FAQs on the ACA and Employee Benefits
The Departments of Labor, Treasury, and Health and Human Services issued FAQs on the Affordable Care Act, wellness plans, and mental health parity. The following is a summary. (The actual document is much more detailed):

  • Do plans have to provide a list of the lactation-counseling providers within the network? Yes.
  • My group health plan does not include lactation counseling providers. Can they impose cost sharing for services outside the network? No.
  • My state does not license lactation counseling providers and my plan will only cover services from licensed providers. Does that mean that I can’t get coverage for lactation counseling without cost sharing? No.
  • Can the plan impose cost sharing for outpatient lactation counseling? No.
  • Can plans require women to get breastfeeding equipment within a period in order to cover it without cost sharing (for example, within six months of delivery)? No.
  • Can my non-grandfathered group health plan exclude weight management services for adult obesity? No. They must cover obesity screening for adults without cost sharing. In addition to such screening, the USPSTF recommends intensive, multi-component behavioral weight management interventions for adult patients with a body mass index (BMI) of 30 kg/m2 or higher.
  • If a colonoscopy is scheduled and performed pursuant to USPSTF recommendation, can a plan impose cost sharing for the required specialist consultation before the screening procedure? No.
  • After a colonoscopy is scheduled and performed pursuant to the USPSTF recommendation, does plan have to cover any pathology exam on a polyp biopsy without cost sharing? Yes.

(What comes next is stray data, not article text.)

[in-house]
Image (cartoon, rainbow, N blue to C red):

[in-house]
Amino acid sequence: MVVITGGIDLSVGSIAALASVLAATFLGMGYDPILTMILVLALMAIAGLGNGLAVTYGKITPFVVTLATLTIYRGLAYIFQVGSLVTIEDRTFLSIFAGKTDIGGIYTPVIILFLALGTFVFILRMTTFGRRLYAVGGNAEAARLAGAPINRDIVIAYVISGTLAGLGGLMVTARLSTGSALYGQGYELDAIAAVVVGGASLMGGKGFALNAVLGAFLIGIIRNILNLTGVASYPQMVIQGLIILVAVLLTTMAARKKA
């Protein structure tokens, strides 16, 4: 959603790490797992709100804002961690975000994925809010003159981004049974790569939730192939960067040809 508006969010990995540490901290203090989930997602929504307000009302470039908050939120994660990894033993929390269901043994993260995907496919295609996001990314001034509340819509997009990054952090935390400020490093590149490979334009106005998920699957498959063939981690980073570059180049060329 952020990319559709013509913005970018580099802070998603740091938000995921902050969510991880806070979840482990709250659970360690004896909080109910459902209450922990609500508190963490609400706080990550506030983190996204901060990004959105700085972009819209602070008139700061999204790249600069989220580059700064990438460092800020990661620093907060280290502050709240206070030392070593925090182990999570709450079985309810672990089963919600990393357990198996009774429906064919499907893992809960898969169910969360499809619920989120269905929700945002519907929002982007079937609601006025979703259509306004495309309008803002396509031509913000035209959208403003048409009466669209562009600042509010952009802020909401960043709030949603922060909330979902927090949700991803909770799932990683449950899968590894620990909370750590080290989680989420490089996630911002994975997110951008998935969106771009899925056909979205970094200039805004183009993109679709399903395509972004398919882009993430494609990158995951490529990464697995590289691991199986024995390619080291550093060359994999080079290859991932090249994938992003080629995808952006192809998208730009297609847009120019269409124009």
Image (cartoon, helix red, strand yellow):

• I am a qualifying non-profit or closely held for-profit employer who sponsors an ERISA-covered self-insured plan. I object to providing coverage of contraceptive services. How do I avoid any obligation to contract, arrange, pay, or refer for that coverage? There are two methods: Complete the EBSA Form 700 (accessible at and provide it to the plan’s third party administrator(s); or Provide appropriate notice of the objection to the Department of HHS. A model notice is available at
  • Which women must be provided coverage, without cost sharing, for genetic counseling, and if indicated, testing for harmful BRCA mutations? Women found to be at increased risk using a screening tool designed to identify a family history must get coverage without cost sharing for genetic counseling, and, if indicated, testing for harmful BRCA mutations.
  • My group health plan gives rewards, such as gift cards, thermoses, and sports gear to participants who adhere to a wellness program. Are these non-financial incentives subject to the wellness program regulations issued by the Departments? Yes. The wellness program is subject to the Department’s wellness regulations if a group health plan provides a reward when a participant meets a standard that is related to a health factor.